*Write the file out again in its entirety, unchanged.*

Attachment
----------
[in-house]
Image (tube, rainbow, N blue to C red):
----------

[in-house]
Image (tube, rainbow, N blue to C red):